God's Word for Today Romans 12b and Rachel

April 22, 2012

 
 

Every believer receives the exact gift and resources best suited to fulfill his role in the body of Christ.  A fictitious article published some years ago in the Springfield, Oregon, public school newsletter illustrates this principle very well.

Once upon a time, the animals decided they should do something meaningful to meet the problems of the new world. So they organized a school.

They adopted an activity curriculum of running, climbing, swimming and flying. To make it easier to administer the curriculum, all the animals took all the subjects.

The duck was excellent in swimming; in fact, better than his instructor. But he made only passing grades in flying, and was very poor in running. Since he was slow in running, he had to drop swimming and stay after school to practice running. This caused his web feet to be badly worn, so that he [became] only average in swimming. But average was quite acceptable, so nobody worried about that—except the duck.

The rabbit started at the top of his class in running, but developed a nervous twitch in his leg muscles because of so much make-up work in swimming.

The squirrel was excellent in climbing, but he encountered constant frustration in flying class because his teacher made him start from the ground up instead of from the treetop down. He developed "charley horses" from overexertion, and so only got a C in climbing and a D in running.

The eagle was a problem child and was severely disciplined for being a non-conformist. In climbing classes he beat all the others to the top of the tree, but insisted on using his own way to get there. . . .

       Like the animals, every person has his own special but limited set of capabilities. Trying to live beyond those capabilities is ineffective, and produces frustration, discouragement, guilt feelings, and sometimes defeat and failure. We fulfill our calling when we function according to God's design for us.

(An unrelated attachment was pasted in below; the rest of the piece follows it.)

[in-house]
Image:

Each believer has a different gift, and God has bestowed these gifts so the local body can grow in a balanced way. But each Christian needs to participate for the church to be healthy, and each individual needs to use their gift.  We might not see the result of our ministry, but the Lord sees it and He blesses. Encouraging others is just as much a spiritual ministry as preaching or teaching. Giving and showing mercy are also important gifts. To some people, God has given the ability to rule, or to administer the various functions of the church. Whatever gift we have must be dedicated to God and used for the good of the whole church.

It is tragic when any one gift is emphasized in a local church beyond all the other gifts. We are not the same, as Christians, we have different gifts and abilities, also different callings and offices.  Not everyone is a pastor, a teacher, a leader, nor is everyone one who shows hospitality or mercy.  But each gift is given for the common good of the Body, this true both for the local church and the Body of Christ that includes all Christians.

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